(also result destination)
// X origin for ink pixels
// Y origin for ink pixels
// total X pixels in ink
// total Y pixels in ink
// loaded reference pixel data
// X origin for reference pixels
// Y origin for ink pixels
// merge algorithm type
Finally at step 1340, the merged image is saved to a disk or other storage medium.
FIG. 14 depicts a form identification process of a preferred embodiment. Some of this process is also shown in FIG. 5. At step 1410, a form set Form ID zone definition file is loaded into memory. At step 1420 an ink image is loaded into memory. At step 1425, a recognition is called and the loaded zone definition and ink image are used. At step 1430 a variable FormID is set equal to 1. At step 1435, a check is made as to whether the character in the recognition results at the FormID is equal to 1. If so, the form has been identified, and the process ends at step 1450. If not, then step 1440, is performed, wherein FormID is incremented. At step 1445, a check is made as to whether FormID is greater that the number of forms in the form set. If so, then the process ends at step 1455 with the form not identified. If not, then the process returns to step 1435.
In a further embodiment of the subject invention, preprinted forms that do not have a form indicator printed thereon are used. To enable the use of such forms, a template, preferably metal or plastic, is affixed to a digitizer pad. The template acts as a stencil (see FIG. 15): a user fills in holes in the guide; each hole corresponds to a different form. In this manner, the form identification process described above is applied to forms that do not have preprinted form indicators.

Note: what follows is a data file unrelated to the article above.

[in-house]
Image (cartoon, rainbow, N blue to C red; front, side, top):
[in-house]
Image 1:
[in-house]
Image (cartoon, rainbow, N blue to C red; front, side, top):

In a preferred embodiment, a configuration such as that depicted in FIG. 15 is used. The template is preferably a plastic overlay 1510 that fits over side paper guides (see FIG. 16, which shows a digitizer pad with three side paper guides 1610 on the left side)) on a digitizer pad (preferably a CrossPad or derivative thereof). The template 1510 preferably has three slots 1530 that enable it to fit over three raised paper guides on the digitizer pad. Those skilled in the art will recognize that other methods of attachment would be substituted for digitizer pads of other configurations. For example, if there is only one raised paper guide on the digitizer pad, and it is on the right-hand side of the pad, template 1510 would have only one slot, along its right side.